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Causes of Disunity



OCTOBER 13, 2018




          “By this all will know that you are My disciples, if you have love for one another.”  John13:35. Interestingly, when Jesus speaks about His disciples will be recognized by the world, He doesn’t begin with agreement around a body of knowledge – as vital as that is to unity (Can two walk together, unless they are agreed? Amos 3:3).  So, if we want to look around, and determine who Christ’s true disciples are, we would be looking at how people relate to each other. How we treat each other?


          Love, at its root level, is putting the interests and needs and welfare ahead of oneself. In some way, shape, or form, it involves giving of oneself for the benefit or uplifting of another…“the Son of God, Who loved me and gave Himself for me.”  Galatians 2:20. “Husbands, love your wives, just as Christ also loved the church and gave Himself for her.”  Ephesians5:25.  Loving equals giving.  And giving always incurs a cost – a cost to myself.


          The opposite of love then would be to “take”. To take from another for the benefit or uplifting of myself. It would be “taking” to serve my interests or needs or welfare, ahead of another.


          So, the fundamental character trait of Christ’s disciples – according to Him in John 13:35 – is that they give to one another in preference to their own wants and desires. This is the root of unity – and the antidote to disunity. At the root of all disunity is a preference for self-interest above and before the interest of others.


          This reality works best when both parties relate in this way towards each other. When only one party is the giver/lover, and the other is always the taker, relational breakdown occurs. Just as from God’s perspective, “God does not require us to give up anything that it is for our best interest to retain. In all that He does, He has the well-being of His children in view. . .  {SC 46.2}”, so in our interaction with others, in “love” we won’t endorse them in living in a way that won’t be for their well-being. “Love for one another” is manifested not merely in generosity and beneficence, but in speaking the truth in love.


This is where the truth of Amos 3:3 mentioned above comes in. To walk together, in love, there needs to be agreement regarding truth. If a fellow disciple were to say to you, “endorse, support, and celebrate” something in their lives that you know will ultimately in the scales of eternity lead to their being lost, the “loving” thing to do is to speak the truth to them in love.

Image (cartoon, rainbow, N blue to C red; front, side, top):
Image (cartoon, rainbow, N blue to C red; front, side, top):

Unfortunately, there are many who are speaking either truth without love, or love without truth. If you want to look at the “Causes of Disunity” around you – family, church, community, etc., you will find at their root they involve one of these two fallacies – love without truth or truth without love.


Whether there is division regarding authority, issues around ordination, doctrinal divisions, understandings of our history, etc., unity will come and disunity will dissipate when we move forward with love and truth.


Whether we want to confess it as a denomination or not, much of the current disunity can be traced back to a rejection of truth spoken in love by the prophet Ellen White and the two messengers with “heavenly credentials,” AT Jones and EJ Waggoner.  In reading the history, it is clear that while no man is perfect, Jones and Waggoner were “Christian gentlemen” who spoke the truth with love, and were endorsed by the prophet.


Had we accepted the message of 1888 – the message of truth spoken in love – or as it was repeatedly described by Ellen White – “the law and the gospel combined” – not only would the world have known that SDAs were Christ’s disciples by the love we have for one another, but “If those who claimed to have a living experience in the things of God had done their appointed work as the Lord ordained, the whole world would have been warned ere this, and the Lord Jesus would have come in power and great glory.” {RH, October 6, 1896 par. 7}.


If we claim to be believers in the 1888 message, may we represent to the highest degree that we love one another. May we speak the truth in love. May we know what it means to combine the law and the gospel regarding ourselves and in our relations with others. May we represent Christ to the world as Christ represented God to us.


~ Bob Hunsaker